A biological adventurer with many misfortunes | Column | The throw
Wallace was a contemporary of Darwin, the famous author of the theory of evolution, but while Darwin belonged to a prominent English family, he married Emma Wedgwood and moved into aristocratic circles. . Wallace never achieved Darwin’s star status.
Yet Wallace was instrumental in the development of the theory of evolution. It was Wallace who wrote to Darwin from the island of Pulau Ternate in the Moluccan archipelago with his idea of how natural selection works. Darwin was shocked because Wallace accurately described the route he took.
Darwin wrote a second letter at a meeting of the Linnean Society in London on July 1, 1958, and both letters were read: The Birth of the Theory of Evolution. A year later, Darwin published his famous book ‘On the Origin of Species’.
This historical story about Darwin and Wallace is well known among biologists and is told in almost all introductory courses in evolutionary biology. But little is known that before Wallace traveled to Southeast Asia and Darwin wrote the letter, Wallace had already made a long journey to South America. British biologist Andrew Perry talks about this in the journal Nature earlier this year.
Wallace made his money by traveling to collect plants and animals that he could sell to European museums. At 25, he left for South America with no money or connections. He traveled through the Amazon and the Rio Negro through areas where no Europeans had ever been. He met various tribal people. But life as a collector was difficult. He often fell ill, sometimes so badly that he feared he would die.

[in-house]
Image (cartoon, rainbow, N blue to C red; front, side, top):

Many ants kept eating away at his collection and he had to carry more and more things with him. His brother came from England to help him, but died on the way back. When Wallace was bedridden for a few days with a severe fever, the natives drank all of his rum, which he used as a strong water to preserve biological material.
Wallace occasionally made some money by shipping goods to England, but he never became rich. In 1852, after four years traveling in South America, he returned to England by ship from Belem with a vast collection of spirits, live animals and dried plants, all insects. As his collection was unique, he thought he would become famous upon arrival.
But after a three-week voyage, a fire broke out on board the ship due to a holdup of cargo. Wallace had to abandon ship with the captain and could see from a lifeboat how the ship was lost. Monkeys and parrots freed from their cages fled the Will Spirit, but were burned alive.
Wallace floated in his lifeboat for ten days before finally being picked up by another vessel. Arriving penniless in England, he wrote a book about his adventures in South America, but the book sold poorly. Wallace then booked a trip to Singapore and toured Southeast Asia. His book on it (‘The Malay Archipelago’) is very popular, but his earlier book on South America is not even among biologists.
The question I ask the students and you in this story is: Who would you rather be: Darwin sitting in his country house doing experiments in his garden, world famous for his book, or Wallace working in the tropical rain forest, constantly tormented? Through illness and misfortune, a colleague borrowed money for a grand theory?
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